One of the Best Looking Men: Lieut. Clarke at St. Eloi

18th Battalion Association[i] Windsor and Detroit Branch *MEMORIES* At one of our Reunion Dinners some years ago, one of he speakers mentioned Lieut. John Clarke[ii], but placed him in the wrong Company. Lieut. Clarke was the Officer in charge of Thirteen Platoon. The other “D” Company Officers were Lieut’s Ambery, McIntosh, and Dillon. Lieut. Clarke, … Continue reading One of the Best Looking Men: Lieut. Clarke at St. Eloi

War Diary of the 18th Battalion: February 1918

Confidential War Diary of 18th CANADIAN BATTALION - 2nd CANADIAN DIVISION From 1st February to 28th of February, 1918 Volume 30 With appendices 1 – 6 Place Date Hour Summary of Events and Information HILLS CAMP (Neuville St. Vaast) 1 Battalion in Reserve at Hill Camp near Neuville St. Vaast. Company parades and training. Specialist … Continue reading War Diary of the 18th Battalion: February 1918

War Diary of the 18th Battalion: July 1917

Confidential 18th Canadian Battalion War Diary Original Copy   July 1917 Place Date Hour Summary of Events and Information BARLIN 1 9 am Brigade Church Parade at HERSIN-COUPIGNY Sports ground. Divine service conducted by Maj. Gen. Simms, C.S.D. Chief Chaplain of British armies in the Field. 2 Canadian Corps sports at Camblain-le-Abbe[i]. 18th Canadian Battalion … Continue reading War Diary of the 18th Battalion: July 1917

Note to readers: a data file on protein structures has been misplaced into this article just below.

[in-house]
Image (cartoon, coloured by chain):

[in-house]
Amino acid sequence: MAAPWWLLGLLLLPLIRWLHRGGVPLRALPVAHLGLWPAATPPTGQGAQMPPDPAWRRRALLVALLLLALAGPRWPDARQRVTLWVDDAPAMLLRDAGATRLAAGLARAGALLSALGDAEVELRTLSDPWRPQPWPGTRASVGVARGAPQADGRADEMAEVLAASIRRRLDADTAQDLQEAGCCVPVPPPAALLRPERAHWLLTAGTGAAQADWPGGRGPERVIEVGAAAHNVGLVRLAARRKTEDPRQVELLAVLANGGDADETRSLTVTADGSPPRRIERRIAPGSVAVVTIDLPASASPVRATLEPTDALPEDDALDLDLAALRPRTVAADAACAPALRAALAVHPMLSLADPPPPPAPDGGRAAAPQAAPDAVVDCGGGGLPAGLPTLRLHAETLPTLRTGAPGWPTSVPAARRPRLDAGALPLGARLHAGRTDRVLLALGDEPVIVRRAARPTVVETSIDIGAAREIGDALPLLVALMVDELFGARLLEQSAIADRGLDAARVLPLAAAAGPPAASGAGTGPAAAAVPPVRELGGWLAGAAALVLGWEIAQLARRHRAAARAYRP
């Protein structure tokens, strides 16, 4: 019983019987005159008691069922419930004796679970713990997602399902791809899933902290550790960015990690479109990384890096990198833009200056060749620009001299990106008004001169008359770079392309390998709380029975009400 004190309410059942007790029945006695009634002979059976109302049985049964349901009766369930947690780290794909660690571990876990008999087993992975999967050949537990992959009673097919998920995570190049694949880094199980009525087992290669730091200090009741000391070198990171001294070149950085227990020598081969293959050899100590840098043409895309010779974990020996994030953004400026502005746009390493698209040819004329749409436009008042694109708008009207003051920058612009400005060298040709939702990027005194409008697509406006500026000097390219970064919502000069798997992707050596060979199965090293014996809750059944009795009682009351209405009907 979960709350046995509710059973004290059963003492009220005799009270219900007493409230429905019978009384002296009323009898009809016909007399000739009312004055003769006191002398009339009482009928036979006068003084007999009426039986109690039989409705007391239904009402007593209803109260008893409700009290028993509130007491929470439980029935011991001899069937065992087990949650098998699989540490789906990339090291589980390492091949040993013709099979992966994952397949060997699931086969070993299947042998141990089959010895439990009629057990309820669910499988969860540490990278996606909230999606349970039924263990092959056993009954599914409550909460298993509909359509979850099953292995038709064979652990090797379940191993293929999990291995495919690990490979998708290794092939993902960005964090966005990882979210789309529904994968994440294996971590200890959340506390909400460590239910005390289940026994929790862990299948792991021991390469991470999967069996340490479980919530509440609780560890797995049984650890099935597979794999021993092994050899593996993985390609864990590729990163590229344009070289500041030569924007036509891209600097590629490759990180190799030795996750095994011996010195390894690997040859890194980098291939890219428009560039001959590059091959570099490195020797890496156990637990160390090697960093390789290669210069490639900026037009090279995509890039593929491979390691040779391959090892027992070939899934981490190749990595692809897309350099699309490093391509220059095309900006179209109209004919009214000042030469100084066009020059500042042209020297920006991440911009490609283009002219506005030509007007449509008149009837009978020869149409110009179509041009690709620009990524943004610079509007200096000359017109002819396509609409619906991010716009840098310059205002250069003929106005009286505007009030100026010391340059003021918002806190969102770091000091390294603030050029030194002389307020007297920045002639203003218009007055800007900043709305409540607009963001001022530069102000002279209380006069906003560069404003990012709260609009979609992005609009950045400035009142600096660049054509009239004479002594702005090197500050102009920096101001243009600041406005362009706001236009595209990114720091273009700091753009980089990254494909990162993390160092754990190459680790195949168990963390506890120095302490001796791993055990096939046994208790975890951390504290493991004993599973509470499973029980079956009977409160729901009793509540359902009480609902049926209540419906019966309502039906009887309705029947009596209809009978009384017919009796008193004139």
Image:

99 Years Ago: The 18th Battalions Attack at Vimy Ridge

At Zero hour[i], vis 5.30 a.m., the advance was made. Simultaneously with the opening up of the Artillery Barrage the Battalion left the “Jumping-off” trenches[ii] and attacked the German front line. Very little opposition was met with whilst capturing the first line system of trenches. The enemy barraged “No-man’s-land” for about 15 minutes, after which … Continue reading 99 Years Ago: The 18th Battalions Attack at Vimy Ridge

“Silent Death”: The Canadian Style of Trench Raiding

In a recent book I found at the California University Digital Library entitled Sniping in France - With Notes on the Scientific Training of Scouts, Observers, and Snipers by Major H. Hesketh-Prichard D.S.O., M.C. there was an interesting reference: "For instance, there was the"Silent Death," as it was called, invented by the Canadians, who, under … Continue reading “Silent Death”: The Canadian Style of Trench Raiding